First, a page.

C. Malicious Prosecution (Count VI)

In Count VI of the First Amended Complaint, Kuri alleges that he was maliciously subjected to judicial proceedings unsupported by probable cause, and that the proceedings were terminated in his favor in a manner indicative of his innocence. The elements of a malicious prosecution action under Illinois law are "(1) the commencement or continuance of an original criminal or civil judicial proceeding by the defendant; (2) the termination of the proceeding in favor of the plaintiff; (3) the absence of probable cause for such proceeding; (4) the presence of malice; and (5) damages resulting to the plaintiff." Swick v. Liautaud, 662 N.E.2d 1238, 1242 (Ill. 2006) (internal quotation marks and citations omitted). Criminal proceedings terminated in a "manner not indicative of the innocence of the accused" cannot support a malicious prosecution action. Id.

The defendants argue that Kuri cannot satisfy the elements of a malicious prosecution claim and that his allegations are insufficient to state a claim. First, they contend, even though Kuri was acquitted, the termination of the criminal proceedings was not in a manner indicative of his innocence. They point to Judge Sheehan's comments in delivering his ruling after Kuri's bench trail, in which the judge stated that he could not find Kuri and Gomez guilty because of the "hijacking of the truth in this case, and the manipulation by gang bangers of what happened factually, ... by lying under oath and conveniently losing their memories at an appropriate time in court regarding key events." (Defs.' Mot. to Dismiss Ex. A 74-75, ECF No. 43-1.) The defendants argue that Judge Sheehan's comments demonstrate that he believed that Kuri was involved in the crime and that, therefore, the acquittal was not indicative of Kuri's innocence.

Kuri responds that an acquittal is sufficient to show a favorable termination for the purposes of a malicious prosecution claim. The court agrees that this element of the claim is sufficiently pleaded. As the Seventh Circuit has stated, "an acquittal is clearly sufficient to show favorable termination." Logan v. Caterpillar, Inc., 246 F.3d 912, 926 (7th Cir. 2001). The defendants offer no case law indicating otherwise. They point to Pulungan v. United States, 722 F.3d 983, 985 (7th Cir. 2013), in which the appellate court explained that failure of proof beyond a reasonable doubt was not necessarily reflective of innocence. Pulungan, however, involved a request for a certificate of innocence pursuant to 28 U.S.C. § 2513, which could be used by the plaintiff to seek compensation through the Court of Federal Claims. The case did not discuss the standards applied in the malicious prosecution context. The court concludes that, by pleading his acquittal, Kuri has adequately pleaded that the criminal case terminated in his favor.[2]

The defendants further argue that Kuri's malicious prosecution claim is inadequately pleaded because it attributes all alleged misconduct to the eight defendant officers collectively, but not all of the defendant officers, who played different roles in the investigation, could have committed all of the alleged actions. "Federal Rule of Civil Procedure 8(a)(2) requires only a short and plain statement of the claim showing that the pleader is entitled to relief, in order to give the defendant fair notice of what the... claim is and the grounds upon which it rests." Twombly, 550 U.S. at 555 (internal quotation and citation omitted). To hold the defendant officers liable for malicious prosecution, Kuri will ultimately have to show that they were personally responsible for his injuries. See, e.g., Grieveson v. Anderson, 538 F.3d 763, 777 (7th Cir. 2008) (explaining that, at the summary judgment stage, a plaintiff was required to "tie actions of the named defendants to the injuries he allegedly suffered"). But to direct an allegation against multiple defendants at the pleading stage is not impermissible. See Brooks v. Ross, 578 F.3d 574, 582 (7th Cir. 2009). A plaintiff may not be able to specify which individual committed which parts of the alleged misconduct before the benefit of discovery. See Rodriguez v. Plymouth Ambulance Serv., 577 F.3d 816, 821 (7th Cir. 2009) (quoting Billman v. Ind. Dep't of Corr., 56 F.3d 785, 789-90 (7th Cir. 1995) ("We do not think that the children's game of pin the tail on the donkey is a proper model for constitutional tort law.")). The key to satisfying Rule 8 is that Kuri "put the defendants on notice of what exactly they might have done to violate [his] rights." Brooks, 578 F.3d at 582. Although it relies on "group pleading, " Kuri's complaint is coherent, and the basis of his claims is easily understood. See Wilson v. City of Chi., 2009 WL 3242300, at *2 (N.D. Ill. Oct. 7, 2009) ("The Defendants, and not [plaintiff], are in possession of the knowledge of precisely which of them, if any, interrogated, manipulated, threatened, or coerced [witnesses] into giving false testimony."). The court concludes that the allegations in the complaint suffice to put the defendants on notice of Kuri's malicious prosecution claim. The motion to dismiss is denied as to Count VI.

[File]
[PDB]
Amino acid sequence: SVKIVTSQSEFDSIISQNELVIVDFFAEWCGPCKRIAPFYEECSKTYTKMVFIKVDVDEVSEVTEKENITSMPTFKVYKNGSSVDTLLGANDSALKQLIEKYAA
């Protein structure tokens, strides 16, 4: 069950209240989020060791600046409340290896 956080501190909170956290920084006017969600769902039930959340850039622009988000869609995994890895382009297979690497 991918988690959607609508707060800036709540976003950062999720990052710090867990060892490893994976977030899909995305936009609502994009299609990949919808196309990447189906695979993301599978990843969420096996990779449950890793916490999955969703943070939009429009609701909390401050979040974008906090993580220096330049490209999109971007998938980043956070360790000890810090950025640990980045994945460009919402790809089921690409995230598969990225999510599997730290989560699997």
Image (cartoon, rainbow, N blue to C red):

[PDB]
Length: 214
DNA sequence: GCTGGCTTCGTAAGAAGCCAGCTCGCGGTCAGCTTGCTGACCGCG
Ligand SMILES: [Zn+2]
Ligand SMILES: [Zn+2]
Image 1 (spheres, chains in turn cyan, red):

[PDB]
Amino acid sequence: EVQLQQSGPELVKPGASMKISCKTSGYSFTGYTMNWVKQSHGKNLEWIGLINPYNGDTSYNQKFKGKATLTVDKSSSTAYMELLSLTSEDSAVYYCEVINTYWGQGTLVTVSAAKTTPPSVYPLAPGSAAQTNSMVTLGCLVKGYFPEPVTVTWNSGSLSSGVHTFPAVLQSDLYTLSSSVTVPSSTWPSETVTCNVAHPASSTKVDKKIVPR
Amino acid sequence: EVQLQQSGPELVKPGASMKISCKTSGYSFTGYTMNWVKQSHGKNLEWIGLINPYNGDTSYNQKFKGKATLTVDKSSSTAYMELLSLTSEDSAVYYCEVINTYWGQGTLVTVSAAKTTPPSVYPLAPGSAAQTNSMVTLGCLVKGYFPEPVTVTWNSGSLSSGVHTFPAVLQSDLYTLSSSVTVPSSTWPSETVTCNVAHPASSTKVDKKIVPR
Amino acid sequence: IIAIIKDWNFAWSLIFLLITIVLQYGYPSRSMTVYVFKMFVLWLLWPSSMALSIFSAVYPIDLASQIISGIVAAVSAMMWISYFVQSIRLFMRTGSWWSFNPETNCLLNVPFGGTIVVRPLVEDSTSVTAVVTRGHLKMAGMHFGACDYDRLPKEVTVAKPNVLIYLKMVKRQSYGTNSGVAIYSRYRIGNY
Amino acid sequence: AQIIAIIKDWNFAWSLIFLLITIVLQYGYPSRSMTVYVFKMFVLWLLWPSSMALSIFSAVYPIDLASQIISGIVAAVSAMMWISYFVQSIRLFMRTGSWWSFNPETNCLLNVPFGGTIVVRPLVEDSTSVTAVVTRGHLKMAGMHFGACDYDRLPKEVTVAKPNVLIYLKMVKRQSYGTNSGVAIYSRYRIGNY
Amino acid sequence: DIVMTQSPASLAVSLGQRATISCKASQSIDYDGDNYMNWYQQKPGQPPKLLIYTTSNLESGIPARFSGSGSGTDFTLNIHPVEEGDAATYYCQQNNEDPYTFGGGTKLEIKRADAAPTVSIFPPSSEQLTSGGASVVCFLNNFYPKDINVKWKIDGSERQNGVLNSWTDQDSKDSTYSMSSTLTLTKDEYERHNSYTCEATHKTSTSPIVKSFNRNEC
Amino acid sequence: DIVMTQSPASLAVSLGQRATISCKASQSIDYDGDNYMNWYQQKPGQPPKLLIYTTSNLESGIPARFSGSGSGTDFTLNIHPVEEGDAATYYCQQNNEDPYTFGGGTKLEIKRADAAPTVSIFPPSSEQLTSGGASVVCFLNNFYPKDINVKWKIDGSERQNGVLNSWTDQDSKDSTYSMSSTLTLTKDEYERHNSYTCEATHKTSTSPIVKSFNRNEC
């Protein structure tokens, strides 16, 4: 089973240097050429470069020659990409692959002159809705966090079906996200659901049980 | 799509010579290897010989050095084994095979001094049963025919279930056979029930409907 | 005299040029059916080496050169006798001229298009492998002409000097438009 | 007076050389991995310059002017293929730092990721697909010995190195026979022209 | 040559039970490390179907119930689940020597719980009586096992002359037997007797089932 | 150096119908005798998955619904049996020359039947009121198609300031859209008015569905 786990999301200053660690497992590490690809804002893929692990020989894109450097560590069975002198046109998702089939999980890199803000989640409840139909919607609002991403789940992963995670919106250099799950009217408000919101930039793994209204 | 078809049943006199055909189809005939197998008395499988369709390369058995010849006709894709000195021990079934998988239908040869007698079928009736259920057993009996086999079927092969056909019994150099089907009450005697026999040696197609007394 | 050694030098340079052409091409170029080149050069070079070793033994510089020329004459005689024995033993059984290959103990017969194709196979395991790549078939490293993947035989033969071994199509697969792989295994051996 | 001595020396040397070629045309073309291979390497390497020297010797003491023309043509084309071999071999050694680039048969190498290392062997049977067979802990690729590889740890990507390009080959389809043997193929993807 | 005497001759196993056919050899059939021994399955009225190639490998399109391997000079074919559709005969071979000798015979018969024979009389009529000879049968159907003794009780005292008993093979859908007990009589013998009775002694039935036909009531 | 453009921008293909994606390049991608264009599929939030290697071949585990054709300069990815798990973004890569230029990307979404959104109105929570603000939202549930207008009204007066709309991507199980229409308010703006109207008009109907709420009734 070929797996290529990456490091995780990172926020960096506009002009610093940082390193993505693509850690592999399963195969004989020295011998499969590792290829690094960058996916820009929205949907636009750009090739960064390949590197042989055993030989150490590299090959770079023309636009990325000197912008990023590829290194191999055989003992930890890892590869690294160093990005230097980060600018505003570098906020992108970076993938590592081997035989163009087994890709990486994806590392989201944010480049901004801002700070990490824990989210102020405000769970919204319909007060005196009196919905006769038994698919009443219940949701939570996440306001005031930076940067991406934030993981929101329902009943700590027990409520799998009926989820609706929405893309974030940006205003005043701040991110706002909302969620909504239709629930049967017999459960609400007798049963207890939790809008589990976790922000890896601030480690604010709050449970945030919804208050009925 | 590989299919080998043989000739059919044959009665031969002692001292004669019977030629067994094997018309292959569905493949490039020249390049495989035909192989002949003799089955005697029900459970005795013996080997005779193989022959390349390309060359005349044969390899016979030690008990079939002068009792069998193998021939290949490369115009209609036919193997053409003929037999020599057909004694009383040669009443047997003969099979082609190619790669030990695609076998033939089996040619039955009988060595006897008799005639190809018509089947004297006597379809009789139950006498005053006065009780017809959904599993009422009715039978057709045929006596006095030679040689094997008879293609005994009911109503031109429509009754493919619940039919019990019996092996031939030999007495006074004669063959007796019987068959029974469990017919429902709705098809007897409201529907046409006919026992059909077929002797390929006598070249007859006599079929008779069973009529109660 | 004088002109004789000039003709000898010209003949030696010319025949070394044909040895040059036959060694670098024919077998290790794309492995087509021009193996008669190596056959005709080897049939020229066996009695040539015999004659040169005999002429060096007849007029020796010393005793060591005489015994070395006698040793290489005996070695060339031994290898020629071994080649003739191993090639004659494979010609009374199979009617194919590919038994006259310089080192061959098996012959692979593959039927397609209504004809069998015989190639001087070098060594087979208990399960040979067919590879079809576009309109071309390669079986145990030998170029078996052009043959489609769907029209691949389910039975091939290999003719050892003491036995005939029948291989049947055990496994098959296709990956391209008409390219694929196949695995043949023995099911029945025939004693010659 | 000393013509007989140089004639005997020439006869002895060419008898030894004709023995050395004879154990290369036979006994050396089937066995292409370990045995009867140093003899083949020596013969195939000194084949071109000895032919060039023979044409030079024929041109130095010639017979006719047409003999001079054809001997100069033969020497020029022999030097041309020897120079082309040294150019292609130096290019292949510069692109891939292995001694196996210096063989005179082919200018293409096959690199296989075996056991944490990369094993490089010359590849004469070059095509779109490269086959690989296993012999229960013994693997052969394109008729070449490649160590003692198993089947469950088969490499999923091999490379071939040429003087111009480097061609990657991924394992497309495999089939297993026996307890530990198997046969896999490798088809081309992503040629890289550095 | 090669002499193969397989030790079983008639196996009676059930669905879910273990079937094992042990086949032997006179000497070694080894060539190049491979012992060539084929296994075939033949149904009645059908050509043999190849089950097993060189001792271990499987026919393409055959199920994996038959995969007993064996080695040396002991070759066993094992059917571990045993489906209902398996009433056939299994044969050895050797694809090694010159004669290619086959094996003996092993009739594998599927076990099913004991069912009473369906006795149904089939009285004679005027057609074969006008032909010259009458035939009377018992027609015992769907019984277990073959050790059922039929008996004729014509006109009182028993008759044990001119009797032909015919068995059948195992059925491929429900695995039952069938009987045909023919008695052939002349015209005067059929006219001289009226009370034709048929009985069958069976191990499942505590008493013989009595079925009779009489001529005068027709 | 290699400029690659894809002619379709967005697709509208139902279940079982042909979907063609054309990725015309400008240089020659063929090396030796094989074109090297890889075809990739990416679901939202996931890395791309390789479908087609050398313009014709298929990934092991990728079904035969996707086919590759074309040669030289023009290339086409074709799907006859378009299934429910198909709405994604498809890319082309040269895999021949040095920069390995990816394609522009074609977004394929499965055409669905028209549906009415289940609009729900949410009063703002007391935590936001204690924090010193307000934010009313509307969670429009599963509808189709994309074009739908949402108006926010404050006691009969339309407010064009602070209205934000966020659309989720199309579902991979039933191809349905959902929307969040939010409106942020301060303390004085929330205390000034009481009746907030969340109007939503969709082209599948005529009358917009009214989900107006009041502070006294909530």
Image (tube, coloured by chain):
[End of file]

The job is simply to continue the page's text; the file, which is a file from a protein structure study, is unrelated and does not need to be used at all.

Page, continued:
D. Derivative Claims

The defendants ask the court to dismiss Counts III (§ 1983 conspiracy), IV (§ 1983 failure to intervene), VII (state-law civil conspiracy), VIII ( respondeat superior ), and IX (indemnification) because these counts derive from Kuri's due process, false arrest, false imprisonment, and malicious prosecution claims in Counts I, II, V, and VI. For the same reason, the defendants ask the court to dismiss Kuri's Monell claims against the City.

To the extent that the claims are based on the false arrest and false imprisonment claims in Counts II and V, which Kuri has agreed to dismiss, the derivative claims fail. To the extent that they are based on the Brady claim in Count I and the malicious prosecution claim in Count VI, however, the derivative counts survive. The court therefore denies the motion to dismiss as to Counts III, IV, VII, VIII, and IX, and as to the Monell claims.

IV. CONCLUSION

The defendants' motion to dismiss the First Amended Complaint is granted in part and denied in part. Counts II and V of the complaint are dismissed. The court denies the motion to dismiss as to Counts I, III, IV, VI, VII, VIII, and IX, and as to the Monell claims.